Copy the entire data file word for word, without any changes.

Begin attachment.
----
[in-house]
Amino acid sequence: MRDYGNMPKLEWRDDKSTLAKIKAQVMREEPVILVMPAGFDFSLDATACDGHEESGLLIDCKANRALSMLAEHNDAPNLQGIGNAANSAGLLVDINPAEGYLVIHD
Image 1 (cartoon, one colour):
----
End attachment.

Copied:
[in-house]
Amino acid sequence: MRDYGNMPKLEWRDDKSTLAKIKAQVMREEPVILVMPAGFDFSLDATACDGHEESGLLIDCKANRALSMLAEHNDAPNLQGIGNAANSAGLLVDINPAEGYLVIHD
Image 1 (cartoon, one colour):